Section 3 of the Act of Congress of August 24, 1937, while providing for a procedure analogous to that under § 266 of the Judicial Code, 28 U.S.C. § 380, creates a distinction which we think is controlling. Section 266 of the Judicial Code provides for a court of three judges where an injunction is sought to restrain the enforcement "of any statute of a State" or "of an order made by an administrative board or commission acting under and pursuant to the statutes of such State," upon the ground of unconstitutionality. The provision in relation to administrative orders was added by an amendment to the original section. Act of March 4, 1913, 37 Stat. 1013. While that addition has been said to be unnecessary, as such orders were previously covered, Oklahoma Gas Co. v. Russell, 261 U.S. 290, 292, Congress adopted the amendment out of abundant caution. But with these provisions of § 266 before it, Congress in enacting § 3 of the Act of August 24, 1937, did not refer to "any statute" or to administrative orders, but confined its requirement to cases of attack upon an "Act of Congress" upon the ground that "such Act or any part thereof is repugnant to the Constitution of the United States." This is not an apt description of administrative regulations or orders. We must regard the choice of language as deliberate and as indicating a limitation deemed to be advisable. It does not appear to have been the intention of Congress that direct appeal should lie to this Court when administrative action and not the Act of Congress is assailed.

While we are of the opinion that the Court is without jurisdiction to review the merits on this appeal, the Court does have jurisdiction to make such corrective order as may be appropriate to the enforcement of the limitations which § 3 imposes, and in the circumstances disclosed the appropriate action is to vacate the decree below and to remand the cause to the District Court for further proceedings to be taken independently of § 3 of the Act of August 24, 1937. See Gully v. Interstate Natural Gas Co., 292 U.S. 16; Oklahoma Gas Co. v. Oklahoma Packing Co., 292 U.S. 386, 392.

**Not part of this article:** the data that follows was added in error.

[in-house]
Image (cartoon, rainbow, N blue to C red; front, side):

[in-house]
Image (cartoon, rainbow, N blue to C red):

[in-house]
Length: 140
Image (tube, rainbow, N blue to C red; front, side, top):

Decree vacated.


Summaries of

Jameson Co. v. Morgenthau

U.S.
May 15, 1939
307 U.S. 171 (1939)

upholding Federal Alcohol Administration Act's labeling requirements against Twenty-first Amendment challenge

Summary of this case from Byrd v. Tenn. Wine & Spirits Retailers Ass'n

In William Jameson Co. v. Morgenthau, 307 U.S. 171 (1939) (per curiam), this Court found no violation of the Twenty-first Amendment in a whiskey-labeling requirement prescribed by the Federal Alcohol Administration Act, 49 Stat. 977. And in Ziffrin, Inc. v. Reeves, supra, the Court did not uphold Kentucky's system of licensing liquor haulers until it was satisfied that the state program was reasonable.

Summary of this case from California Liquor Dealers v. Midcal Aluminum

In Jameson Co. v. Morgenthau, 307 U.S. 171, "the Federal Alcohol Administration Act was attacked upon the ground that the Twenty-first Amendment to the Federal Constitution gives to the States complete and exclusive control over commerce in intoxicating liquors, unlimited by the commerce clause, and hence that Congress has no longer authority to control the importation of these commodities into the United States.

Summary of this case from Hostetter v. Idlewild Liquor Corp.

In William Jameson Co. v. Morgenthau, 307 U.S. 171, 59 S.Ct. 804, 805, 83 L.Ed. 1189, it was said of an argument that the Congress no longer has authority to control the importation of intoxicating liquors, and that the Twenty-first Amendment gives to the states complete and exclusive control over commerce in intoxicants — "We see no substance in this contention."

Summary of this case from Jatros v. Bowles

In Jameson Co. v. Morgenthau, 307 U.S. 171, 59 S.Ct. 804, 83 L.Ed. 1189, the Federal Alcohol Administration Act was attacked upon the ground that the Amendment gives to the states complete and exclusive control over commerce in intoxicants, unlimited by the commerce clause; hence that Congress no longer has authority to control the importation of these commodities.

Summary of this case from Washington Brewers Institute v. United States

In Jameson Co. v. Morgenthau, 307 U.S. 171, 59 S.Ct. 804, 83 L.Ed. 1189, the Federal Alcohol Administration Act was attacked upon the ground that the Twenty-first Amendment to the Federal Constitution gives to the States complete and exclusive control over commerce in intoxicating liquors, unlimited by the commerce clause and that hence Congress has no longer authority to control the importation of these commodities into the United States. The same claim of exclusiveness of control over liquor is made here.

Summary of this case from United States v. Ericson

In Jameson Co. v. Morgenthau, 307 U.S. 171, 59 S.Ct. 804, 83 L.Ed. 1189, the Supreme Court held that there was no substance in the contention that the 21st Amendment gave the states any exclusive control over commerce in intoxicating liquors, unlimited by the Commerce Clause of the Federal Constitution. The Amendment simply gives the states the right to adopt or reject prohibition as a matter of state policy as they might see fit.

Summary of this case from U.S. v. Colorado. Wholesale W. Liq. Deal. Ass'n
Case details for

Jameson Co. v. Morgenthau

Case Details

Full title:WILLIAM JAMESON CO. v . MORGENTHAU, SECRETARY OF THE TREASURY

Court:U.S.

Date published: May 15, 1939

Citations

307 U.S. 171 (1939)
59 S. Ct. 804